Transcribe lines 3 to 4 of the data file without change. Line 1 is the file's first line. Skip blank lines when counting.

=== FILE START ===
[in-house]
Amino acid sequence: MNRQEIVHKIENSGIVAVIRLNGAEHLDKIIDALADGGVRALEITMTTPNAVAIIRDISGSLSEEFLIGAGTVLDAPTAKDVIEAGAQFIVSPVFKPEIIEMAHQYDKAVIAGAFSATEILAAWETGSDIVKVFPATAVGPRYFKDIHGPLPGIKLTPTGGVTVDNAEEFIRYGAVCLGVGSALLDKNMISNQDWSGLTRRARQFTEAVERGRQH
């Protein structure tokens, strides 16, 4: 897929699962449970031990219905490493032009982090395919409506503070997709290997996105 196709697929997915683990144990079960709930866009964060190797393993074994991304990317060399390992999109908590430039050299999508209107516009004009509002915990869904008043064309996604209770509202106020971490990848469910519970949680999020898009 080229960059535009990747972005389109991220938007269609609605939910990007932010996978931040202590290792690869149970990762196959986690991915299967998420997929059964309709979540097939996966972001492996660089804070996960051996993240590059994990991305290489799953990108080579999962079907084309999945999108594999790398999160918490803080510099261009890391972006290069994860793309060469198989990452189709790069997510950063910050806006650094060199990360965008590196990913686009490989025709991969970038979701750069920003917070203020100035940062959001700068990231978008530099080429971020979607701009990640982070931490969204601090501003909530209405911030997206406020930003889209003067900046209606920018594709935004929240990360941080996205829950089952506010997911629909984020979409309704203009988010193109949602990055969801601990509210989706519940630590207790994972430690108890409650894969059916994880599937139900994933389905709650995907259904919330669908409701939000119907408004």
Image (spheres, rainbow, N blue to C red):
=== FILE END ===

């Protein structure tokens, strides 16, 4: 897929699962449970031990219905490493032009982090395919409506503070997709290997996105 196709697929997915683990144990079960709930866009964060190797393993074994991304990317060399390992999109908590430039050299999508209107516009004009509002915990869904008043064309996604209770509202106020971490990848469910519970949680999020898009 080229960059535009990747972005389109991220938007269609609605939910990007932010996978931040202590290792690869149970990762196959986690991915299967998420997929059964309709979540097939996966972001492996660089804070996960051996993240590059994990991305290489799953990108080579999962079907084309999945999108594999790398999160918490803080510099261009890391972006290069994860793309060469198989990452189709790069997510950063910050806006650094060199990360965008590196990913686009490989025709991969970038979701750069920003917070203020100035940062959001700068990231978008530099080429971020979607701009990640982070931490969204601090501003909530209405911030997206406020930003889209003067900046209606920018594709935004929240990360941080996205829950089952506010997911629909984020979409309704203009988010193109949602990055969801601990509210989706519940630590207790994972430690108890409650894969059916994880599937139900994933389905709650995907259904919330669908409701939000119907408004």
Image (spheres, rainbow, N blue to C red):